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    Yubari, Japan's Most Rapidly Declining City In Daily Mail | Lost Collective

    • 2 min read

    Daily Mail Logo - yubari - family school fureai

    This gallery was the product of four days wandering the streets of Yubari, taking snippets of occupied and abandoned buildings from those and joining them into this gallery.

    Before this trip, I always envisioned Japan as a sprawling tech hub where everything is illuminated and busy. It can even become an assault on the senses. I've been four times now. I won't be surprised if we go four more. We love Japan. It's an amazing culture to immerse yourself in.

    streetscapes-of-yubari_2016_april_22

    So, as we travelled further from the city centres to the regional towns and rural areas found withing an hour or two of the city centres, I saw a very different Japan to what I'd seen before.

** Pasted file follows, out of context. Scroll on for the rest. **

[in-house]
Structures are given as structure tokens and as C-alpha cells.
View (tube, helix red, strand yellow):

In smaller villages and hamlets, instead of continuations of the small family businesses, the younger generation abandon the store or farm in seek of better work opportunities found in more populated places.

    The communities begin to fade away and the buildings that they lived and work from become abandoned.

    Our excellent tour guide for a day in Yubari was Sato San.

    shimizusawa-power-plant_2016_april_84

    Sato San is part of a group of volunteers, historians, aficionados and advocates called the Shimizusawa Project , who work to preserve the history of Yubari and its importance in the story of the Japans industrialisation.

    shimizusawa-power-plant_2016_april_85

    "Yuburi, which founded in 1943 on the northernmost island of Japan, Hokkaido, was built to exploit vast coal reserves in the region and once had a thriving population of 120,000.

    Now, after a series of mining disasters, changes to the mining industry and an ageing population, the number of residents in the city has fallen to just 9,000.

    Stunning images of the seemingly deserted city captured by Australian photographer Brett Patman reveal the run-down and neglected buildings that have been left to decay."

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    To read the full article, click here .

    Daily Mail is a handpicked selection of the latest news, sport, showbiz, science and health stories from around the world.